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Messages 1601 - 1620 of total 2637 in this topic << First  |  < Previous  |  Show All  |  Next >  |  Last >>
slabbo

Trad climber
fort garland, colo
Mar 29, 2013 - 08:19pm PT
No building today- just diggin footing holes in a stiff wind.... SO much fun
Credit: slabbo

Remembering this from last year
John M

climber
Mar 29, 2013 - 08:22pm PT
I really like that stained glass by Justthemaid. Very nice.. Perfect colors and composition.
Edge

Trad climber
New Durham, NH
Mar 29, 2013 - 09:09pm PT
I spent the morning lacing the head on a 24" diameter X 12" high powwow drum of elk rawhide and cedar. The frame was made from 16 staves glued along the grain, which I have found helps the drum hold its tone much better than laminated frames; as the humidity rises and the hide loosens, the wood also swells across the grain around the circumference and everything remains tight.

The cedar stand is half lapped at the intersection and held together with a bolt and wing nut so it can be quickly disassembled and stored flat. Once the rawhide dries on the heads I will tie four handles to suspend the drum from the frame, and then the four beaters.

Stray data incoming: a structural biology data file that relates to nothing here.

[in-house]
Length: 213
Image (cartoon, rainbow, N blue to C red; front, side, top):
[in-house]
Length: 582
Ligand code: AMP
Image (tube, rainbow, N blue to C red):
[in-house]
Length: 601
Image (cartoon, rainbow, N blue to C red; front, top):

Powwow drum.
Powwow drum.
Credit: Edge
adatesman

climber
philadelphia, pa
Mar 29, 2013 - 10:26pm PT
I swear that once I get this schoolhouse finished I'll post some climbing content. But in the meantime, the Township has been after me about the (large) amount of mud being tracked out of the driveway and onto the PA-73, so figured I may as well play Scrapheap Challenge and see if I could cobble together a functional scraper blade for the backhoe/loader using nothing more than materials laying around the garage....

Step 1: Google Image search to see what a bolt-on scraper blade for a loader bucket looks like.



Step 2: Root around the property for a suitable piece of steel, which turned up a piece of 3/8" plate that had been relegated to keep-the-backhoe-from-sinking-in-the-mud duty. Had to pull it out with said backhoe, as it weighed quite a bit more than I could manage by myself.



Step 3: Deliver to the work area.



Step 4: Cut to length. Amazingly enough, my puny 40 amp plasma cutter, which is only rated to severing 1/4" plate (when connected to 240V), managed to gnaw its way through 3/8" plate without complaint. The cut is ugly as hell, but worked. Oh, and only took 2 minutes to sever the 10" width. I don't even want to think how long it would have taken with a sawzall....

Brandon-

climber
The Granite State.
Mar 29, 2013 - 10:34pm PT
Dig a ditch. Put a steel grate with large steel ribs over it. The grate will shake the clay off.